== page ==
The world's largest home improvement retailer, Home Depot(NYSE: HD), adjusted expectations for fiscal 2003 and unveiled plans for a remodel today. It hopes that the moves will eventually translate into improved sales and bottom-line results. Investors, sitting on half-off shares over the past year, hope so, too.

The Atlanta-based retailer will increase its capital spending budget 21% to $4 billion. It will open 200 new stores and hire 40,000 workers in an effort to make its shopping experience better and richer. Fixing up existing stores is also part of the plan, and it will spend $250 million on remodeling this year. Home Depot plans to spend a total of $880 million in 2003 for its store level initiatives, remodels, and technological updates.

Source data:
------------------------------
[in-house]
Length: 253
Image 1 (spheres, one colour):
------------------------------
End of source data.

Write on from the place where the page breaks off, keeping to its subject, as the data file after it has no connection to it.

Despite a rough year, Home Depot's financial situation is strong. It has little long-term debt and is in a good position to shell out for capital expenditures largely through cash from operations. Some have criticized the stores as outdated compared to rival Lowe's(NYSE: LOW), so this will be a good opportunity to address that. The increased capital expenditures will obviously cut into its free cash flow next year, but that's not a big concern. The thing now is for it to update its stores, broaden its product assortment, and assert its dominance once more.

Home Depot also said today that it expects sales growth of 9% to 12% for 2003 and earnings growth of 9% to 14%. That's below the company's previous long-term outlook of sales gains of 15% to 18% and earnings increases of 18% to 20%. Below, yes, but much more realistic.

It hasn't been an easy year for the company characterized by orange smocks. Home Depot is taking steps to ensure that 2003 and beyond don't turn out the same way. With a gorilla's share of the market and strong financials, there's no reason to doubt it will again become a stock market darling.